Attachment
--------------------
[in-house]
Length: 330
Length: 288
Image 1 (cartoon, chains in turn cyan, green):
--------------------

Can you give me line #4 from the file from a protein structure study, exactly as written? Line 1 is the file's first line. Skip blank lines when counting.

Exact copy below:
Image 1 (cartoon, chains in turn cyan, green):